William Calcraft (11 October 1800 – 13 December 1879) was a 19th-century English hangman, one of the most prolific of British executioners. It is estimated in his 45-year career he carried out 450 executions. A cobbler by trade, Calcraft was initially recruited to flog juvenile offenders held in Newgate Prison. While selling meat pies on streets around the prison, Calcraft met the City of London’s hangman, John Foxton.
After Foxton’s death in 1829 the government appointed Calcraft the official Executioner for the City of London and Middlesex. Following this, his executioner services were in great demand throughout England. Nevertheless, some considered Calcraft incompetent, in particular for his controversial use of the short-drop hanging method in which the condemned were slowly strangled to death.
Because with Calcraft’s methods the condemned took several minutes to die, to hasten death Calcraft would sometimes dramatically pull on legs or climb on shoulders in an effort to break a victim’s neck. It has been speculated that Calcraft used these methods partly to entertain the crowds, sometimes numbering 30,000 spectators or more.
Executions in England were public until 1868. That year the law changed, mandating executions would take place privately and inside the prison. In 1868 Calcraft carried out the last public and first private executions. Among his executions were Marie and Frederick Manning, the first husband and wife to be hanged together since 1700.
Calcraft was born in Baddow, near Chelmsford, in 1800. He was a cobbler by trade, but had also worked as a nightwatchman at Reid’s brewery in Clerkenwell, London. While attempting to earn a living by selling meat pies on the streets around Newgate Prison he made the acquaintance of John Foxton, who was the City of London’s hangman for 40 years. That meeting led to his employment at Newgate to flog juvenile offenders, for which he was paid ten shillings a week.
Foxton died on 14 February 1829, and Calcraft was appointed as his successor. He was sworn in as the official Executioner for the City of London and Middlesex on 4 April 1829, a position for which he was paid one guinea a week plus an additional guinea for each execution. He also received an allowance for cats o’ nine tails and birch rods, and supplemented his income by selling sections of the rope used to hang his victims, for which he charged between five shillings and £1 per inch.Calcraft’s first duty in his new role was the execution of Thomas Lister and George Wingfield, hanged together on 27 March 1829, Lister for burglary and Wingfield for highway robbery. Esther Hibner, known in the press as the “Evil Monster”, was the first woman hanged by Calcraft. She was executed on 13 April 1829, having been found guilty of starving to death her apprentice, Frances Colppits. Hibner did not go to the scaffold willingly, but had to be restrained in a straitjacket to prevent her from attacking her executioners. As she was hanged the watching crowd shouted out “Three cheers for the Hangman!”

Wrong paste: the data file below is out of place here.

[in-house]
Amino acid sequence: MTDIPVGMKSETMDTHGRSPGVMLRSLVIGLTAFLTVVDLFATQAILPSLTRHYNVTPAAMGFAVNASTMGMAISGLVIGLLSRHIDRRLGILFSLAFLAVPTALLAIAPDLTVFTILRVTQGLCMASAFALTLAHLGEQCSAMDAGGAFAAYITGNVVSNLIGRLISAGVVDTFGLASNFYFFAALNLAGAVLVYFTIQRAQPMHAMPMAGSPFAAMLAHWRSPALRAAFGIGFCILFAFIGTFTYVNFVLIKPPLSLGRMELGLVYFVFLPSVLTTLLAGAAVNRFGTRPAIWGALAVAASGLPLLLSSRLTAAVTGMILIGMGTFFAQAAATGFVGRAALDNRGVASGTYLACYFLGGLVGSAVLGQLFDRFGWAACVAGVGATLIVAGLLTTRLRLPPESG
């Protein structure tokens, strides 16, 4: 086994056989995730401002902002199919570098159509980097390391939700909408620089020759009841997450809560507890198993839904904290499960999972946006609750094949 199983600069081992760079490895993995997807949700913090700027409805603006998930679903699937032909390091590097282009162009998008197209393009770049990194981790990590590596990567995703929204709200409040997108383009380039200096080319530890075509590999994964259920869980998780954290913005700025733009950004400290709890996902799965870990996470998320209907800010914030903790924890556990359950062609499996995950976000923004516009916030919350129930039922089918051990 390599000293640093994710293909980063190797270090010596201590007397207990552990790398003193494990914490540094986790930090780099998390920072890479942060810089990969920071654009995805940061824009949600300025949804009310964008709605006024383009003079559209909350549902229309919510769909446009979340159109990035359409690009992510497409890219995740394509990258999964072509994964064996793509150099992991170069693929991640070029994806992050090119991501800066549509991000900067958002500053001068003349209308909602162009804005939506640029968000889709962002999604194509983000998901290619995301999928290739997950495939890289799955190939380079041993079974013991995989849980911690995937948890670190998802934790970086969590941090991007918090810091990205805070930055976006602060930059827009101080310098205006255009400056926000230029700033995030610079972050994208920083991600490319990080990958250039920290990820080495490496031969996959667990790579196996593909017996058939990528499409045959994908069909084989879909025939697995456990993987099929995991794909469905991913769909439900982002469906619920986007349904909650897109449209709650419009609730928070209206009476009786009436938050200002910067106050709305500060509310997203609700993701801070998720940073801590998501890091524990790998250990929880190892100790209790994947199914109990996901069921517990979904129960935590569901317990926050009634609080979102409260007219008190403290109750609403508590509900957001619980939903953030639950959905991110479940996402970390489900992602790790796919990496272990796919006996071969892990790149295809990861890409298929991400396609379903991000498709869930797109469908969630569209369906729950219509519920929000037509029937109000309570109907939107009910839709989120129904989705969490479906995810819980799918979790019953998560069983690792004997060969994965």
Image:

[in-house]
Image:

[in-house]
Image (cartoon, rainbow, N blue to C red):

Calcraft was “in great demand” as an executioner elsewhere in the country as well, such as at Reading Gaol. During his tenure of office the Capital Punishment Amendment Act 1868 was passed, requiring that all executions must be conducted in private. Calcraft carried out the last public execution in Britain on 26 May 1868, when he hanged the Fenian Michael Barrett in front of Newgate Prison for his part in the Clerkenwell Outrage. Calcraft also carried out the first private execution in Britain under the new law. Eighteen-year-old Thomas Wells, who had been convicted of the murder of his superior Edward Walshe, the stationmaster at Dover Priory railway station, was hanged on 13 August 1868 in a former timber yard inside Maidstone Gaol. Members of the press were allowed to attend and reported that Wells, who wore his railway porter’s uniform, did not die quickly, “struggling on the end of the rope for several minutes”. Calcraft’s final official duty was the hanging of James Godwin, on 25 May 1874.